When Nicholas Impellitteri gets home, he’s often greeted by a package of beer waiting for him on his doorstep. This continual supply of craft lagers, pilsners, ales and saisons is thanks, in part, to his obsession with yeast.

The self-described “chief yeast wrangler” is the founder and lead scientist behind the Yeast Bay, an East Bay-based business that provides commercially unavailable and rare yeast strains to the home brewing and commercial beer-making community. As one of the most crucial ingredients in determining a beer’s flavor profile, mouthfeel and overall drinkability, Impellitteri explains that just one strain of yeast can produce dozens of different flavors, depending on the brewing process. Even as a yeast expert, he’s continually surprised by the flexibility of the fungus.

“I get to taste 10 beers from 10 different brewers who all used the same culture, but whose beers all came out differently,” he says. “That they can artfully coax different character out of the same yeast is pretty awesome.”

Back in 2011, unexcited by the range of yeast available to home brewers, Impellitteri began experimenting with his own blends of yeast, which he often sourced from lambic-style beers. He noticed a demand for his creations after posting about his experiments on social media and decided to make a business out of his unique hobby.

“While a lot of other companies largely offer the same cultures, what I focus on is isolating and creating new yeast, which is a much more niche market,” he explains. “I don’t have to compete for market share for cultures that are already well-established, and this allows me to add something new to the market, which is pretty exciting.”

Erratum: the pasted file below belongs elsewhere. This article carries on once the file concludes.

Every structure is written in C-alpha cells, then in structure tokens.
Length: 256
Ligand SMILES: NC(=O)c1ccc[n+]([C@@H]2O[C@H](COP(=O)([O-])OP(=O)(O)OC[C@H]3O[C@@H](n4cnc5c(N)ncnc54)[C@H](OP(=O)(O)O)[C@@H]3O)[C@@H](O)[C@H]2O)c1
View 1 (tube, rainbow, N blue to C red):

Impellitteri begins the process by isolating and characterizing yeast sourced from other beers in his lab, growing those specimens and brewing his own test batches with selected yeasts—all of which he characterizes as a cycle of wash, rinse and repeat. After creating flavor profiles for each brew, the Yeast Bay outsources its creations to a large-scale manufacturer called White Labs for production. Impellitteri says this allows for him to focus mainly on the research and development of new strains, while quality control stays in the hands of an established manufacturing company.

The Yeast Bay currently sells 35 varieties of brewer’s yeast, wild yeast, bacteria and experimental beta cultures to roughly hundreds of commercial breweries and thousands of homebrewers worldwide on a rolling basis, a customer base that’s steadily growing every month. Impellitteri notes that he’s even seen a handful of homebrewers, who began using his products as hobbyists, turn their beers into full-scale production.

“It’s been cool to be part of that growth and a real honor that people come to us to get their organisms,” he explains. “Yeast is one of the biggest deciding factors on how a beer is going to taste, and it can make or break a beer. The fact that they put so much faith in us is flattering.”

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